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Down and dirty: Corn hybrids and soil conditions

John Hibma for Progressive Dairyman Published on 06 August 2018
Corn hybrids

Around the world, billions of pounds of corn are planted and grown for the purpose of feeding livestock. For many dairy farmers, corn (coming from both grain and silage) supplies a significant amount of calories in milk cow and heifer diets.

Corn (often referred to as maize outside of the U.S.) has the distinction of providing the most calories per acre of ground than any other crop grown on the planet.



Due to the widespread use of corn in both animal and human diets, corn is the most widely grown plant used for food in the U.S., beating out both wheat and soybeans. Due to a nearly insatiable need for corn and corn products, a massive industry has developed for the sole purpose of developing hybrids that can be grown in a variety of environmental conditions.

It’s probably fair to say agribusiness has become obsessed over the past decades with maximizing how much corn can be grown on an acre of ground. According to USDA data, the bushel yield per acre of corn has increased by more than a factor of five since the 1930s. Significant gains were initially made with the advent of commercial fertilizer in the 1950s.

Starting in the 1960s, improved cropping practices and hybridization have added to the yield as well. Few dairy farmers can manage high milk production from their cows without some inclusion of corn in the diets. Many of those dairy farmers raise their own corn crop to be harvested as silage or high-moisture corn. Others grow it for the grain and produce corn meal on the farm.

The life of a corn plant must begin in the soil. Regardless of the choice of hybrid or the improvement of farming practices, healthy, well-structured soil is critical to the successful growth of a crop of corn. Soil quality is an indispensable part of corn production, quality and tonnage.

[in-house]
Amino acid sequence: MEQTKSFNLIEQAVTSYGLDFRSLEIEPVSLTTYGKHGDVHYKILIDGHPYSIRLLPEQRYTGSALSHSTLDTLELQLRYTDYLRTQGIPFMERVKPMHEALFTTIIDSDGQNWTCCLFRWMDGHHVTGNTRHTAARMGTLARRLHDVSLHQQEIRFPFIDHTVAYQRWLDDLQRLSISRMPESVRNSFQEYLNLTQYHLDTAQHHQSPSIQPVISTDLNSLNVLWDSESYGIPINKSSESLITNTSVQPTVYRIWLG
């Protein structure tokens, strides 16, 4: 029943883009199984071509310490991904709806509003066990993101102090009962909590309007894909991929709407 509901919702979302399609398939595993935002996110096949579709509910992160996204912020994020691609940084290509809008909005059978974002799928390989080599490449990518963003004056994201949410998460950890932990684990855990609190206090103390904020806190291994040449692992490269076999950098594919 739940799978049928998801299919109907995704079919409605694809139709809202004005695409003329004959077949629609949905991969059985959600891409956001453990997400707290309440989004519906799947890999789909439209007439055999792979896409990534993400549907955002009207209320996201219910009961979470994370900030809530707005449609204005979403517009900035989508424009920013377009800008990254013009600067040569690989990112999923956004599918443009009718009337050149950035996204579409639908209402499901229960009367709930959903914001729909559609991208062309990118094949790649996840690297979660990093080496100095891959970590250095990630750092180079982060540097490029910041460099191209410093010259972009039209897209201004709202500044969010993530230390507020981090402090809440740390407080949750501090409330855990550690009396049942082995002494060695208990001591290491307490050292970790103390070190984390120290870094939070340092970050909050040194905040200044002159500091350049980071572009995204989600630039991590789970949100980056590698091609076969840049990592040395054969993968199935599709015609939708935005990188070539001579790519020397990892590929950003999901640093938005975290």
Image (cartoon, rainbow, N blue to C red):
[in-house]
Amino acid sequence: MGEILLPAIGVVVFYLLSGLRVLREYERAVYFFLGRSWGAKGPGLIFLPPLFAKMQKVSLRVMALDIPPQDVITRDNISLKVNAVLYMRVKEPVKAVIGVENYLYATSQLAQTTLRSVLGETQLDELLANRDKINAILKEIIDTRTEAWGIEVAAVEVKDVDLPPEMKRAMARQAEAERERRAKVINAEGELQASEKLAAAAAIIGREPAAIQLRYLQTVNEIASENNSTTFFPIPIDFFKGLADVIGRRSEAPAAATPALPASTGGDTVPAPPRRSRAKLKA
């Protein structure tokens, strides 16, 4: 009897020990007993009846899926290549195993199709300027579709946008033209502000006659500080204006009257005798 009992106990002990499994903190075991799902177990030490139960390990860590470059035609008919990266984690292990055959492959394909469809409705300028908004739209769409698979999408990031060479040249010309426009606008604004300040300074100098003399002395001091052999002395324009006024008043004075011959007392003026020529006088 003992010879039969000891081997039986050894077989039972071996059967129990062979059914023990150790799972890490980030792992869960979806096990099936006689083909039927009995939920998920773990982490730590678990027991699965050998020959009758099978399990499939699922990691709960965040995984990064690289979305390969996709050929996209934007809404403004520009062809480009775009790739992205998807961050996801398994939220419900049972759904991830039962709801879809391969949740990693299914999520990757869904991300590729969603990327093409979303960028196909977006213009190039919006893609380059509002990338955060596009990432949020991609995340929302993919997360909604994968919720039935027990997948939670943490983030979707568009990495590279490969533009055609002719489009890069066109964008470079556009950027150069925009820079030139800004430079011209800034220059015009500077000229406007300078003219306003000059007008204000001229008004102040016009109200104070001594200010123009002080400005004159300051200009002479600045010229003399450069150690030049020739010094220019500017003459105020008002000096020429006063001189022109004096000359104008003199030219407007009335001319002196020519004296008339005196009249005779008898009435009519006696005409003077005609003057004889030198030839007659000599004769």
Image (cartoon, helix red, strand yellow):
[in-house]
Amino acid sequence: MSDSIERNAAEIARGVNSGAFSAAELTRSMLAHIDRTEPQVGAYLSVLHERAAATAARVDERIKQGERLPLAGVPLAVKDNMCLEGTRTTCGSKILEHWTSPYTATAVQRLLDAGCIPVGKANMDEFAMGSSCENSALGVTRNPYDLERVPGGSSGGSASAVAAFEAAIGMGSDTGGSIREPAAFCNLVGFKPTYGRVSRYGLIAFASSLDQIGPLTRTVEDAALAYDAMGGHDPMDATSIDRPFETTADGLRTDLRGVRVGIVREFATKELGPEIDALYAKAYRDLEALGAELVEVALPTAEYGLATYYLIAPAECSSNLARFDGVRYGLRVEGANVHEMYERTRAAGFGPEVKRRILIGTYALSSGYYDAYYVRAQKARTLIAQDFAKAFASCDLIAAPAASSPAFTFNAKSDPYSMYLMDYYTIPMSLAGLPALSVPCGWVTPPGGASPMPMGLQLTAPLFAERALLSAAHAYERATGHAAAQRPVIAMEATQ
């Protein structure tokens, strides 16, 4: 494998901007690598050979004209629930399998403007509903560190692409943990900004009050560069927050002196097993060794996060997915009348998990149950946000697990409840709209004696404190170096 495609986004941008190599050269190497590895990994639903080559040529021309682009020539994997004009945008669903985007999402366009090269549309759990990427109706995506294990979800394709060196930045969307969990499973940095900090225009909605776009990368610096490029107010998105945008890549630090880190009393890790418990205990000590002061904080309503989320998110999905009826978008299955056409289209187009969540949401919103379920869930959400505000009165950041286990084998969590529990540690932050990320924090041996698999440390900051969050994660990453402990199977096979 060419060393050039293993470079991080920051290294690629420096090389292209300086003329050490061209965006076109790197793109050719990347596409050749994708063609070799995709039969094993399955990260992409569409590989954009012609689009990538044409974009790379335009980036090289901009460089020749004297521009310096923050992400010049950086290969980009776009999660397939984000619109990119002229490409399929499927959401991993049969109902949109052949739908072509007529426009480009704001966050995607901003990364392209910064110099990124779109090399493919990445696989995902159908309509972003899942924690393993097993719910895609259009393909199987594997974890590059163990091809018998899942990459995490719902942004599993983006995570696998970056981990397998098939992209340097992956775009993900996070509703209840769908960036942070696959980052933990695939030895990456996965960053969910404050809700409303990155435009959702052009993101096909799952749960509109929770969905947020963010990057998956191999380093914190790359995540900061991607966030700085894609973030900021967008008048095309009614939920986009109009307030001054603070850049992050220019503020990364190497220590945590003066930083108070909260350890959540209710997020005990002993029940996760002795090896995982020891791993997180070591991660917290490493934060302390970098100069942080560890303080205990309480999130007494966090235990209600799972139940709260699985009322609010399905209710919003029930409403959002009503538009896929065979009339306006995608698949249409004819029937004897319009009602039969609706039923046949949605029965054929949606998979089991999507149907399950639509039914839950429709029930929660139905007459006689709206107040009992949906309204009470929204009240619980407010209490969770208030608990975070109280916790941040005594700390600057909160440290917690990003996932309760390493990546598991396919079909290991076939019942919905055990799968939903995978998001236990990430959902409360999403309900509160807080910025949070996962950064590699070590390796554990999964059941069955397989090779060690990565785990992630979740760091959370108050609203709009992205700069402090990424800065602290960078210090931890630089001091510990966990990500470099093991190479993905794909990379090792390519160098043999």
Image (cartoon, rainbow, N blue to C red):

The two most important components of soil quality and how well it may or may not support a crop of corn is the moisture content in the soil and the pH level. No variety of corn hybrid will grow well when water is deficient or if the overall quality of the soil is poor.


Water and soil quality go hand-in-hand, and the selection of corn hybrids should be based largely on factors affecting individual fields such as water availability (whether a region is prone to drought or if irrigation is available) as well as the physical structure of the soil – organic matter, tilth and mineral content.

In fact, many hybrids are marketed to select regions of the country based on the weather and soil conditions found there.

There’s more to choosing corn hybrids than how many days from planting to harvest or how densely a field can be planted. Because hybrids differ in their tolerance to high or low water availability and drainage, it’s important to take soil moisture and water-holding characteristics into account.